Spam is a network of spam groups that make it easy for people to spam certain websites by sending links, images or text over several accounts, often with multiple clicks. The technique is also known as “flooding”. When a spammer targets a website with several hundred links or images, the chances that one or more will get past a spam filter is high. When a user clicks on a link or image, it may be followed by a second click on another item that is sent by the same spammer, resulting in a chain and amplification. Sometimes it is very hard to know who is spamming whom. Spam filters can take weeks or months to activate and some sites may not even receive automated warnings of spamming.
Spamming sites (those that receive fewer than 50% of their traffic via links or images with zero backlinks) are not visible on the DNS, and thus are difficult to tag as spam. If an attacker is able to discover your site, then they can use it as a platform to send traffic to other sites. In general, a user’s behavior can be predicted by a combination of the user’s IP address and the IP address of the user’s browser. A high volume of spam traffic is also a clear indicator that an attacker has compromised the site by using malware.
What is spammed.com?
Spammed is the largest and most active spam network, consisting of nearly 60 million domains. Spammed.com is one of the first spam nets to receive automatic spam alerts. Spammed.com’s DNS has the same public IP (127.0.0.1 in Europe) as the Internet itself, making it incredibly easy to target users who have been identified by a legitimate user’s identity. This means that we can effectively detect spammed links and images sent to anyone on the Internet.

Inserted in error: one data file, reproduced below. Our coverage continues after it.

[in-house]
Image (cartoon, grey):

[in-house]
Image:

Spammed.com was first deployed on August 2nd, 2010. For one year, Spammed.com has provided around one-third of all spam URLs with real-time spam notifications. We’re currently tracking Spammed.com’s traffic metrics from June 2014:
Spam traffic is high by our measurements. In April 2014, we tracked over 60 million spam traffic events, and in May 2014, we passed one billion spam traffic events. While it might seem surprising that so many people were sending spam, the reality is that it’s quite common and it’s hard for most spam users not to respond to a new spam threat.
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